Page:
- Stop smoking/smoke less, stop drinking/drink less
- Drugs and alcohol may seem to help short-term with the pain of depression, but mental health problems and substance abuse were seen together in 80% of cases among Native peoples.4
- Reduce stress
- If you have children, get someone to look after them, go to a place where you feel comfortable, safe, and calm, clear your mind, breathe slowly and deeply, think about the good things in your life, and rest.
- Go outside in the sunshine or use a lamp made for light therapy
- Sunlight enhances Vitamin D intake, and natural light fights Seasonal Effective Disorder (SAD), a type of depression experienced mostly during winter and some spring and fall months due to a decrease in sunny days and hours of daylight. Suicide due to depression is more likely to occur during the spring and fall. 5
- Cultivate your spiritual life
- If you are a spiritual or religious person, you can draw strength from your spirituality through prayer and community worship services or ceremonies.
- Participate in your cultural traditions
- The support of traditional culture and community may protect women from depression, especially certain features like spirituality, traditional healing practices and ceremonies, and a sense of group identity.6
Most importantly, remember that you are not alone. You are not the only person living with depression, and there are resources and support systems available to you. If ever you feel suicidal or are afraid you might hurt yourself, or know someone who might be suicidal and living with depression, these hotlines (at least) are here to help:
Suicide prevention hotlines:
For more information, check out these sources:
*-Women and Depression: Discovering Hope, a publication from the National Institute of Mental Health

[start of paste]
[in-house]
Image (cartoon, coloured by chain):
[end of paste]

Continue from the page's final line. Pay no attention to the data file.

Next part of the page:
*-Public Health Questionnaire 9 (PHQ 9), what physicians use to diagnose depression; can be found online and self-administered
1. “What are the basic signs and symptoms of depression?” National Institute of Mental Health. 2011.
2. “Prevalence & correlates of mental disorders among Native American women in primary care.” B. Duran. American Journal of Public Health. 2004.www.ncbi.nlm.nih.gov/pmc/articles/PMC1449829/.
3. “Screening for Depression.” Douglas M. Maurer, D.O. Journal of the American Academy of Family Physicians. January 15, 2012. www.aafp.org/afp/2012/0115/.
4. “Reconceptualizing Native Women’s Health.” Karina L. Walters, PhD, and Jane Simoni, PhD. American Journal of Public Health. 2002. www.ncbi.nlm.nih.gov/pmc/articles/PMC1447108/.
5. “Tribes Take on Youth Suicide With Skits, Ceremonies and Mustangs.” Stephanie Woodard. Indian Country Today Media Network. January 9, 2013.indiancountrytodaymedianetwork.com/2013/01/09/tribes-take-youth-suicide-skits-ceremonies-and-mustangs-146834.
6 “Substance use among American Indian and Alaska natives: incorporating culture in an “indigenist” stress-coping paradigm.” Karina L. Walters, Jane M. Simoni, and Teresa Evans-Campbell. Public Health Reports. 2002. www.ncbi.nlm.nih.gov/pmc/articles/PMC1913706/.
7. South Dakota Suicide & Crisis Hotlines. Meadow Lark Press. 2011.www.suicidehotlines.com/southdakota.html.
8. Women and Depression: Discovering Hope. National Institute of Mental Health.www.nimh.nih.gov/health/publications/women-and-depression-discovering-hope/index.shtml.